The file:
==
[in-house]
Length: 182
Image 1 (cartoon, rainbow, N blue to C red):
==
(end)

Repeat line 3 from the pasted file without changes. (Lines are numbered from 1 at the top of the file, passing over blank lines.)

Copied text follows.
Image 1 (cartoon, rainbow, N blue to C red):